Favorite Park and Recreation Activities According to the Data

By Catherine Tepper | Posted on November 22, 2023

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As some of you may know, this Park Engagement blog series is designed to inform our readers about how U.S. adults and their families are utilizing public parks and recreation facilities. With eight years of data from NRPA’s annual Engagement With Parks Reports, park and recreation professionals can gain insights into how engagement with local parks and recreation may be changing over time, identify trends for the future, and shape offerings and programming to meet the needs and desires of the public.  

Today we will discuss the different types of participation and engagement that we see within our park and recreation facilities. What facilities are being used and what kind of programs do park-goers tend to gravitate towards? Questions like these are very important to ask and take notice of, as they allow agencies to identify and predict community needs. 

What Kinds of Park and Recreation Activities Do People Want?

From being with friends and family to learning a new skill, there are a multitude of reasons that people visit their local parks and recreation facilities. We have noticed some interesting trends in the way the public uses their local parks and recreation facilities since the COVID-19 pandemic. Pre-pandemic (2017), 77 percent of park users indicated they or their family’s sole destination was to visit a local park or open space. In 2023, that number is down to 66 percent. Additionally, there was a slight decline in the use of hiking, biking and walking trails between 2022 (53 percent) and 2023 (47 percent). 

While specifically visiting parks or hiking on trails may not be as big of a driver to the public this year, more people are taking advantage of other types of park and recreation activities, programs and facilities. In 2021, 19 percent of park-goers visited a swimming pool or aquatic center, which has jumped up to 28 percent in 2023. This pattern displays itself in the popularity of other activities and facilities, as well. Eighteen percent of park users visited a local recreation or senior center in 2021, which has increased to 28 percent in 2023. Meanwhile, between 2021 and 2023, taking part in classes increased by 7 percent, out-of-school time program participation rose by 8 percent, and participating in a sports league increased by 6 percent. 

What Are the Reasons People Visit Parks and Recreation?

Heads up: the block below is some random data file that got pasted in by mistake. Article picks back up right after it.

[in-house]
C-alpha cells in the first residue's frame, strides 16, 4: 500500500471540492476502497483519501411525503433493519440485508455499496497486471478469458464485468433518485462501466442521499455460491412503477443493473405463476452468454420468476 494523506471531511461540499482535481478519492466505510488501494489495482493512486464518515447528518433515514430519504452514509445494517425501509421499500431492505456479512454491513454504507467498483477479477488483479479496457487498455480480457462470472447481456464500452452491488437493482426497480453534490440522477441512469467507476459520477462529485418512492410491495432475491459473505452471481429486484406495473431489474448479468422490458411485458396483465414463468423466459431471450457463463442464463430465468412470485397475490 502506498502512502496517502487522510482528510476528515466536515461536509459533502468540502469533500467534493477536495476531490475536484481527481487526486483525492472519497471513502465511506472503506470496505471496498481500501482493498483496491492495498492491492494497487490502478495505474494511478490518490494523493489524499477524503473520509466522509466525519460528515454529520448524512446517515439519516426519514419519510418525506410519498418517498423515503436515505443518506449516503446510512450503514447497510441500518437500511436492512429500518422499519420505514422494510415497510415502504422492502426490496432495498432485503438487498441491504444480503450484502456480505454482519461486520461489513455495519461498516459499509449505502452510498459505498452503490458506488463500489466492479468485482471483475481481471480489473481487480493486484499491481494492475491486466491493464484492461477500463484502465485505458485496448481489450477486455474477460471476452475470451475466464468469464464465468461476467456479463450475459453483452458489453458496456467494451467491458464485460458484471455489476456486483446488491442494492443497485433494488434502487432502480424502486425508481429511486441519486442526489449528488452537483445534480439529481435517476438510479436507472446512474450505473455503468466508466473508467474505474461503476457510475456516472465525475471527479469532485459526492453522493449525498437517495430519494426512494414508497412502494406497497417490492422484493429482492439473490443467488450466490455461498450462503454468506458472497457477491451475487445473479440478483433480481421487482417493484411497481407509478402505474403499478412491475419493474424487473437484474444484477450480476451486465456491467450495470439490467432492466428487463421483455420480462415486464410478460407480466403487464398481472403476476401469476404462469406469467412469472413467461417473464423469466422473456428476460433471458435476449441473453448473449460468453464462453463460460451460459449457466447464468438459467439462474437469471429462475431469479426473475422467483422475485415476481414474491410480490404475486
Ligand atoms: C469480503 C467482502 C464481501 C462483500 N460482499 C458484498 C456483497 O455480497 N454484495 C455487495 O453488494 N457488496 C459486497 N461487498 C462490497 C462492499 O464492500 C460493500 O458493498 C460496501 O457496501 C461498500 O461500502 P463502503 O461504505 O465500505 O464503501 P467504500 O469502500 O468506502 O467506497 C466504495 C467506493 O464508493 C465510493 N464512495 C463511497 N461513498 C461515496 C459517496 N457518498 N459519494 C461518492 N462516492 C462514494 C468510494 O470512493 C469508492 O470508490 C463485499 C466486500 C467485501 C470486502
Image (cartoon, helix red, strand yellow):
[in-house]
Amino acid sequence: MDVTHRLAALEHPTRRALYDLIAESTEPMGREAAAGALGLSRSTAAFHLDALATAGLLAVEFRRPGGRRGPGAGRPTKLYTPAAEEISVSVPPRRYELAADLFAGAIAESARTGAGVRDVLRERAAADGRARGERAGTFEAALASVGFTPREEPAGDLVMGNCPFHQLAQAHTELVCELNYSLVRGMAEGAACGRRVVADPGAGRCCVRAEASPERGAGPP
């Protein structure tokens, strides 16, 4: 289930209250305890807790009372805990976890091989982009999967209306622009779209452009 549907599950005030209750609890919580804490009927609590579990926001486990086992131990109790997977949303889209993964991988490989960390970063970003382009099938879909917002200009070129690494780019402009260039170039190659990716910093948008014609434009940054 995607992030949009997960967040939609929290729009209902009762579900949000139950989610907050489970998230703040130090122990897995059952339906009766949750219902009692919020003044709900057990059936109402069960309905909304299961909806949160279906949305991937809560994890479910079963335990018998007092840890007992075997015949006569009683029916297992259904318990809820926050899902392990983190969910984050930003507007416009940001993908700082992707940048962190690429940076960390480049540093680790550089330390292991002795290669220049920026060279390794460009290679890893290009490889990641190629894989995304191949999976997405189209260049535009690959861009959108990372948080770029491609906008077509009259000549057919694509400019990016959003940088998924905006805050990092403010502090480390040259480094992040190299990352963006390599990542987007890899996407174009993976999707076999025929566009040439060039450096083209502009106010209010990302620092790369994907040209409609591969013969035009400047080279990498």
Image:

Reasons why people visit park and recreation facilities have also been shifting in popularity. Prior to the pandemic, the most popular reason to visit parks was to spend time with family and friends, with percentages ranging between 58 percent and 62 percent of survey respondents. Post-pandemic, this number has changed. In 2023, 50 percent of U.S. adults cite visiting a park or recreation facility to be with friends as their main driver. This reason is followed closely by parks and recreation facilities being a destination to take a break from day-to-day stress (47 percent), to be closer to nature and to exercise (both 46 percent).  

There also are other interesting trends to take note of within this set of data. Specifically, between the years of 2020 and 2023, connecting with community members, learning new skills, and having someone to care for children while parents go to work have become increasingly popular reasons to participate in park and recreation activities. In 2021, 18 percent of survey respondents said that they visited parks and recreation facilities to connect with their community — this percentage has risen to 23 percent. Similarly, in 2021, 9 percent of respondents visited their local parks and recreation to learn a new skill or craft. Today, 14 percent use their parks and recreation for this purpose.

Lastly, two years ago, only 5 percent of U.S. adults responded that they participated in park and recreation programs to have someone take care of their children while they were at work. This number has increased to 10 percent in 2023. 

These statistics all reveal the shifting uses of park and recreation facilities and programs. As time goes on and the world changes, so does how people use our parks. It is extremely important that we take note of these changing ways so that we can provide our community members with the facilities, resources and programs that they need and want.  

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Catherine Tepper (she/her) is a research assistant at NRPA.